Business

Floods are a boon for carpet businesses

It's been a headache for homeowners, but dealing with the aftermath of last weekend's flooding has been an economic stimulus of sorts for the carpet business.

Carpet cleaners have been swamped with calls from home owners whose rugs are soaked. Terry Lanham, owner of Terry's Carpet Care in Nicholasville, said he hired a couple of extra workers to handle the onslaught.

"It's been people I've never seen before and, of course, my regulars," Lanham said.

He estimated that business is up 20 percent, and he said he's still fielding a high number of calls.

Darryl Geis, owner and manager of Jack and Jan's Carpets and Flooring in Lexington, said customers usually start pouring in two to three weeks after flooding.

"They have to get all the wet stuff out and let it dry," he said. "Usually they get rid of it if it's wet."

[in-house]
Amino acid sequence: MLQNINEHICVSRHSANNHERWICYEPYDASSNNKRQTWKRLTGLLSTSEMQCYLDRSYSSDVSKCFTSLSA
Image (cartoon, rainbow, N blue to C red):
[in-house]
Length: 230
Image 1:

He said customer traffic is up about 5 percent in the past week, and "within two to three weeks, it'll be really busy."

Richard Durrum, a salesman at Carpet One Floor and Home in Lexington, said he's expecting the same kind of rush.

"It will probably break loose next week," he said.

He said some of the delay comes from people working with their insurance companies to make claims. The retailer has an insurance division that takes care of claims from State Farm and Allstate, and that is expected to pick up, he said.

Meanwhile, teams from the Federal Emergency Management Agency were due in Kentucky on Thursday to assess damage from the floods. If Kentucky is declared a disaster area, individual assistance might become available for homeowners and renters.

According to FEMA's Web site, that assistance typically can include grants to help pay for temporary housing, home repairs and other serious disaster-related expenses not met by insurance or other assistance programs.

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